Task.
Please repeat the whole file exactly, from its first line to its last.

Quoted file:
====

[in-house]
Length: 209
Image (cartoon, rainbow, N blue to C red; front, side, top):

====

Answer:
[in-house]
Length: 209
Image (cartoon, rainbow, N blue to C red; front, side, top):